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Caprice Reviews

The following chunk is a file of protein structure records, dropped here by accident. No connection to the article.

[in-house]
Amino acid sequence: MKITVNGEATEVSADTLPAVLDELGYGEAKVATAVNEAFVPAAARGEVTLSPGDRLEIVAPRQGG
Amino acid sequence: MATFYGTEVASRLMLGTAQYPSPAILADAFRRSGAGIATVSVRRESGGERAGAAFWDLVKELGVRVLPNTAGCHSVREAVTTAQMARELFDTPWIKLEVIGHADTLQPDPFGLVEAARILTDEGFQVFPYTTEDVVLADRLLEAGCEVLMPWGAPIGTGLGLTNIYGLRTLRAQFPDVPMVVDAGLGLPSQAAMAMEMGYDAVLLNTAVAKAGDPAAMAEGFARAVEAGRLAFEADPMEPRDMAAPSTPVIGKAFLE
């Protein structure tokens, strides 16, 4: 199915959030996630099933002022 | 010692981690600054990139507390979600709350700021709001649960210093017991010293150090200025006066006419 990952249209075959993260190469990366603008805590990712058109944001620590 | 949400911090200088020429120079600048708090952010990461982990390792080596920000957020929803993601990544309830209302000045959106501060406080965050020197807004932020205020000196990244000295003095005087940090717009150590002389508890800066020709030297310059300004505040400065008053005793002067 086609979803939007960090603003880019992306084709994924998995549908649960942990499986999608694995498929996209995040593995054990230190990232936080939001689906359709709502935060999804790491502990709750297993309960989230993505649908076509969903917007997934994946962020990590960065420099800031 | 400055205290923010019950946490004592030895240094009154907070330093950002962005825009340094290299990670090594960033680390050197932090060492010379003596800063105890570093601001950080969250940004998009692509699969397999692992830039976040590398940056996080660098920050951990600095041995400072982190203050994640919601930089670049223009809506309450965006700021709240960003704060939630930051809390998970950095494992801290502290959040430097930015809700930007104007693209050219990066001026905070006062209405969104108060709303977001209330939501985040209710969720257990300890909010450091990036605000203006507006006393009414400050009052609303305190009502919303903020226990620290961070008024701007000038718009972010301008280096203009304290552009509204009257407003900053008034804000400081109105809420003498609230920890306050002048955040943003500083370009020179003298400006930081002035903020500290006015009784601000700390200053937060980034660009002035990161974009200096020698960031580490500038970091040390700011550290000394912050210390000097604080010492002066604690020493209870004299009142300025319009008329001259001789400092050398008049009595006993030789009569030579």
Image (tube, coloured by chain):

A dumb Day comedy filmed a few years after she should have retired her brand of humor. In this one, she plays an espionage agent ostensibly employed by a cosmetics firm. Her duties include murdering rival agents who may be involved in the narcotics trade. She meets charming agent Harris, who saves her from a skiing mishap engineered by an enemy assassin. Harris is rather mysterious himself, but the couple fall in love and eventually trace their way to the lab of cosmetics genius Walston, who is responsible for the murder of Day's secret agent dad. The comedy is predictable, and the film tries hard to be a contemporary 1960s comedy, but it is hopelessly square. In one ludicrous scene, Day attempts to cut off a lock of hair from the head of one of Walston's mistresses (to discover what kind of spray she uses), dangling from the underside of a high-perched sun-deck; she is splashed with water and then staggers backward down a steep Hollywood hill, her minidress hiked high to reveal the thighs of a middle-aged woman, not the sleek femme fatale she is playing. Day stands in the middle of a dusty mountain road, dripping, unglamorous, unsightly, and decidedly ungainly, an awkward portrait that must have shocked the blonde warbler when viewing the rushes--and certainly prompted her decision to retire.